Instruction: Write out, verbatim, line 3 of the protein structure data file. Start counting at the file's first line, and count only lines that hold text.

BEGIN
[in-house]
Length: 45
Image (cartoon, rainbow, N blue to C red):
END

Image (cartoon, rainbow, N blue to C red):